Fighting Wage Theft
Wage theft is exactly what it sounds like – the denial of wages or benefits that are rightfully owed to a worker by the employer. It is a big problem in our industry.It is often done in ways that are very subtle, and you may be a victim of wage theft without even realizing it.
You may think that by volunteering to work off the clock, bring in your own supplies, or show up early and leave late you are helping out your manager when he or she is in a tough situation. Your manager might be in a tight spot, but many bus companies are multi-billion dollar operations that make us work off the clock and bring in our own supplies on purpose not because they cannot pay us, but because they can increase profits by not paying us.
A priority of the Carrying Our Future campaign is to make sure that when we generate profits for the bus companies we work for, we are compensated for the work that we do. Fighting back against wage theft is a crucial aspect of this mission.
Teamster Power in Action:
Fighting Wage Theft with Union Contracts
A strong union contract is the best way to put an end to wage theft. Union contracts include specific provisions to discourage employers from stealing wages, and they require employers to pay penalties to the workers when these provisions are violated. This has proven time and time again to be an effective deterrent against wage theft. Article 45 of the First Student National Master Agreement is a good example of how a union contract can help to fight wage theft. It provides paycheck protection to workers by imposing financial penalties on employers who don’t correct paycheck errors in a timely manner.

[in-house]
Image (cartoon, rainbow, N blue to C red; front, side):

A perfect example of the effective implementation of contract provisions geared towards fighting wage theft comes from Local 671. Business Agent Tony Lepore said that paycheck problems were a constant problem at the First Student yards where he represented workers and that payroll was not being done competently.
The company agreed to the clause, and Lepore gave workers pay discrepancy forms to circulate in their yards so they could track their hours and make sure they were getting paid what they were owed. Pretty soon the company was paying hundreds of dollars per week in penalties, and it was enough of an incentive to ensure that the company stopped making payroll errors.
Tracking Your Time? There’s an App for That!
The Department of Labor provides a mobile phone app with an electronic time sheet to record the hours that you work and calculate the amount you may be owed by your employer. It also includes overtime pay calculations at a rate of one and one-half times (1.5) the regular rate of pay for all hours you work over 40 in a workweek. Use this app to track your hours to make sure you’re not being victimized by wage theft.